Why did the Soviet Union fight in the Spanish Civil War?

International brigade soldiers with a Soviet Russian machine gun during the Spanish Civil War.

International brigade soldiers with a Soviet Russian machine gun during the Spanish Civil War.

Photo 12/Universal Images Group/Getty Images
The USSR did a great deal to delay the fall of the Spanish Republic, but in the end could not prevent the emergence of another Hitler-friendly state in Europe.

The civil war that broke out in Spain in July 1936 turned into a kind of rehearsal for WWII. It was there on the Iberian Peninsula that Nazi Germany and Fascist Italy first clashed on the battlefield with the Soviet Union.

Despite repeated requests from Spain's Popular Front-led government for military assistance, the USSR had no intention of intervening in the conflict in far-flung Spain, preferring to remain neutral. But following the abject failure of the Non-Interference Committee, set up by a group of European countries with the aim of avoiding any escalation or expansion of the civil conflict in the Pyrenees, the emboldened Germans and Italians became increasingly involved, obliging the Soviet Union to act.

Street fights in Madrid, 1936.

Moscow’s aims in providing military support to the Second Spanish Republic were to prevent the victory of the pro-German forces of Francisco Franco's nationalists, thus curbing the influence of the Third Reich, and to engage with the Western powers on an anti-fascist footing. The latter objective had to be abandoned almost immediately, since the British and French distanced themselves from the conflict early on and imposed an embargo on the supply of weapons to the warring parties.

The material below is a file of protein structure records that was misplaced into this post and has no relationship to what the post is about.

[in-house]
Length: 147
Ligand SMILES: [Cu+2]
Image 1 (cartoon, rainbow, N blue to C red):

Francisco Franco.

The first ship loaded with Soviet weapons arrived at the port of Cartagena on Oct. 12, 1936. Throughout the war, a total of 66 vessels delivering Soviet military equipment, small arms, ammunition and other materiel to Spain docked in the Republic-controlled ports. The Popular Front government decided for itself what weapons it needed, and paid for them in cash courtesy of Soviet loans as well the country's gold reserves, part of which was transferred to the Soviet Union in the first months of the conflict.

Polikarpov I-16 fighter in Spain.

During the three-year civil war, Moscow supplied to the Popular Front and its supporters 648 aircraft (I-15 and I-16 fighters, SB bombers, etc.), 347 tanks (mainly T-26), 60 armored vehicles, over 1,100 artillery pieces, 340 mortars, 20,000 machine guns, almost 500,000 rifles, 862 million rounds of ammunition, 3.5 million shells, and more besides. As the Republic's Minister of the Navy and Air Force Indalecio Prieto noted in January 1937: "The Soviet Union is the only country in the world (besides Mexico) to have provided armed support to the Spanish Republic, all it could, without fuss or fanfare..."